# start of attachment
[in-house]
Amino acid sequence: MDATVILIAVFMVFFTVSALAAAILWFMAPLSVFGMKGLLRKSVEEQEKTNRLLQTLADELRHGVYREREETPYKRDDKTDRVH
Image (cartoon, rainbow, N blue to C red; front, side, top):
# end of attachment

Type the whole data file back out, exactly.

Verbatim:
[in-house]
Amino acid sequence: MDATVILIAVFMVFFTVSALAAAILWFMAPLSVFGMKGLLRKSVEEQEKTNRLLQTLADELRHGVYREREETPYKRDDKTDRVH
Image (cartoon, rainbow, N blue to C red; front, side, top):